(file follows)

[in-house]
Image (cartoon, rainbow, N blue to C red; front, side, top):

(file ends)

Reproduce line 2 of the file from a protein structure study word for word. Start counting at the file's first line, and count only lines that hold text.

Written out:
Image (cartoon, rainbow, N blue to C red; front, side, top):